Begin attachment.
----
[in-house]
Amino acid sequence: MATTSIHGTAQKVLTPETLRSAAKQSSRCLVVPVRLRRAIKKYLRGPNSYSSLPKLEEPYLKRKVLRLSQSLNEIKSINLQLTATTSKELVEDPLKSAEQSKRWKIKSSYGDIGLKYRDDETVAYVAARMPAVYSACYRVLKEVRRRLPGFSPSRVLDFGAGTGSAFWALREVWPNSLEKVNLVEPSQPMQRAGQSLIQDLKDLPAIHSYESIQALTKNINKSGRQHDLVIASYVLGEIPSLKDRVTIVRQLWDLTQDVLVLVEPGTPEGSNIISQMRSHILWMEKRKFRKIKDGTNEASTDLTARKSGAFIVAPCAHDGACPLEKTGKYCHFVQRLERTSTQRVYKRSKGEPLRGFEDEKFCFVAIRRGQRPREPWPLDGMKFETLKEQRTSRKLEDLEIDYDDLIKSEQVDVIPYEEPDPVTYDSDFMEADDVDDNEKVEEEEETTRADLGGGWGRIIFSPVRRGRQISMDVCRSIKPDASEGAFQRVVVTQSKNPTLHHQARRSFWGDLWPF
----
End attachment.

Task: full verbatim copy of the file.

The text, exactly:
[in-house]
Amino acid sequence: MATTSIHGTAQKVLTPETLRSAAKQSSRCLVVPVRLRRAIKKYLRGPNSYSSLPKLEEPYLKRKVLRLSQSLNEIKSINLQLTATTSKELVEDPLKSAEQSKRWKIKSSYGDIGLKYRDDETVAYVAARMPAVYSACYRVLKEVRRRLPGFSPSRVLDFGAGTGSAFWALREVWPNSLEKVNLVEPSQPMQRAGQSLIQDLKDLPAIHSYESIQALTKNINKSGRQHDLVIASYVLGEIPSLKDRVTIVRQLWDLTQDVLVLVEPGTPEGSNIISQMRSHILWMEKRKFRKIKDGTNEASTDLTARKSGAFIVAPCAHDGACPLEKTGKYCHFVQRLERTSTQRVYKRSKGEPLRGFEDEKFCFVAIRRGQRPREPWPLDGMKFETLKEQRTSRKLEDLEIDYDDLIKSEQVDVIPYEEPDPVTYDSDFMEADDVDDNEKVEEEEETTRADLGGGWGRIIFSPVRRGRQISMDVCRSIKPDASEGAFQRVVVTQSKNPTLHHQARRSFWGDLWPF